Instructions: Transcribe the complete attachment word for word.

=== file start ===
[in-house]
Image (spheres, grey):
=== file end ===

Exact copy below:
[in-house]
Image (spheres, grey):